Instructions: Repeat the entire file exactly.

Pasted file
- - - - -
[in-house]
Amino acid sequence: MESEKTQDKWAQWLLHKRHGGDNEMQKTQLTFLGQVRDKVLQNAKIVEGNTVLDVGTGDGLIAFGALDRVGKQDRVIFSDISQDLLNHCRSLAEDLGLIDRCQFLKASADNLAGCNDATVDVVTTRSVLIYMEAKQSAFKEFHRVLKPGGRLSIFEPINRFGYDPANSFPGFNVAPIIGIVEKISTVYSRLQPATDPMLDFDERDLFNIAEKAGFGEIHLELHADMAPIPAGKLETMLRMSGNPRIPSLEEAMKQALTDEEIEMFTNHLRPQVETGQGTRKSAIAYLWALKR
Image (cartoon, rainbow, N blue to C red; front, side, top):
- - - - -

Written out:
[in-house]
Amino acid sequence: MESEKTQDKWAQWLLHKRHGGDNEMQKTQLTFLGQVRDKVLQNAKIVEGNTVLDVGTGDGLIAFGALDRVGKQDRVIFSDISQDLLNHCRSLAEDLGLIDRCQFLKASADNLAGCNDATVDVVTTRSVLIYMEAKQSAFKEFHRVLKPGGRLSIFEPINRFGYDPANSFPGFNVAPIIGIVEKISTVYSRLQPATDPMLDFDERDLFNIAEKAGFGEIHLELHADMAPIPAGKLETMLRMSGNPRIPSLEEAMKQALTDEEIEMFTNHLRPQVETGQGTRKSAIAYLWALKR
Image (cartoon, rainbow, N blue to C red; front, side, top):